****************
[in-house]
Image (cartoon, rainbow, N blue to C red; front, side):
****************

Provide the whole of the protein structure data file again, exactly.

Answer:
[in-house]
Image (cartoon, rainbow, N blue to C red; front, side):